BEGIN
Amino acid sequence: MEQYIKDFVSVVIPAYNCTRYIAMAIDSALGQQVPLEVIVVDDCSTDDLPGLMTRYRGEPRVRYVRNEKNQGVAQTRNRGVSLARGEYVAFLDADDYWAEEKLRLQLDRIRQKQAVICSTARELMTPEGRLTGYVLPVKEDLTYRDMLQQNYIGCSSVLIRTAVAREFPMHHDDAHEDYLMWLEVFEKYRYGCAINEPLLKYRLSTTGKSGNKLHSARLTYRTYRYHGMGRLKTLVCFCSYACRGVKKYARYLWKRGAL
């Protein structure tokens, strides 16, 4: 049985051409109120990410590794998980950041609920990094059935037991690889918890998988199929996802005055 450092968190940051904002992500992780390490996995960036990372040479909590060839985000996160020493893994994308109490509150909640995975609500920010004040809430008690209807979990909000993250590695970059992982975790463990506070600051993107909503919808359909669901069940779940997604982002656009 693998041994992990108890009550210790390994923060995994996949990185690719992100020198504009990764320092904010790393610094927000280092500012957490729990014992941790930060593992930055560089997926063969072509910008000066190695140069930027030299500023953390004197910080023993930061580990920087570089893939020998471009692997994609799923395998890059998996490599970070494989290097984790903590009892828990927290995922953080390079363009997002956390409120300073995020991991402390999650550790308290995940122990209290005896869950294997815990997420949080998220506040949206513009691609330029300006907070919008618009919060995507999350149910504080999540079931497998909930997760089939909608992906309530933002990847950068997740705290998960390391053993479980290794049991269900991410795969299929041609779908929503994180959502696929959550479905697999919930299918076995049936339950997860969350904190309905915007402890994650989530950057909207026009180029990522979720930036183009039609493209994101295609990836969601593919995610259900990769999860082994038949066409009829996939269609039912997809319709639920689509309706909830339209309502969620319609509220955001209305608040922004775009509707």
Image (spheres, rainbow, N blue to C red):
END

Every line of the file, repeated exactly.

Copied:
Amino acid sequence: MEQYIKDFVSVVIPAYNCTRYIAMAIDSALGQQVPLEVIVVDDCSTDDLPGLMTRYRGEPRVRYVRNEKNQGVAQTRNRGVSLARGEYVAFLDADDYWAEEKLRLQLDRIRQKQAVICSTARELMTPEGRLTGYVLPVKEDLTYRDMLQQNYIGCSSVLIRTAVAREFPMHHDDAHEDYLMWLEVFEKYRYGCAINEPLLKYRLSTTGKSGNKLHSARLTYRTYRYHGMGRLKTLVCFCSYACRGVKKYARYLWKRGAL
């Protein structure tokens, strides 16, 4: 049985051409109120990410590794998980950041609920990094059935037991690889918890998988199929996802005055 450092968190940051904002992500992780390490996995960036990372040479909590060839985000996160020493893994994308109490509150909640995975609500920010004040809430008690209807979990909000993250590695970059992982975790463990506070600051993107909503919808359909669901069940779940997604982002656009 693998041994992990108890009550210790390994923060995994996949990185690719992100020198504009990764320092904010790393610094927000280092500012957490729990014992941790930060593992930055560089997926063969072509910008000066190695140069930027030299500023953390004197910080023993930061580990920087570089893939020998471009692997994609799923395998890059998996490599970070494989290097984790903590009892828990927290995922953080390079363009997002956390409120300073995020991991402390999650550790308290995940122990209290005896869950294997815990997420949080998220506040949206513009691609330029300006907070919008618009919060995507999350149910504080999540079931497998909930997760089939909608992906309530933002990847950068997740705290998960390391053993479980290794049991269900991410795969299929041609779908929503994180959502696929959550479905697999919930299918076995049936339950997860969350904190309905915007402890994650989530950057909207026009180029990522979720930036183009039609493209994101295609990836969601593919995610259900990769999860082994038949066409009829996939269609039912997809319709639920689509309706909830339209309502969620319609509220955001209305608040922004775009509707």
Image (spheres, rainbow, N blue to C red):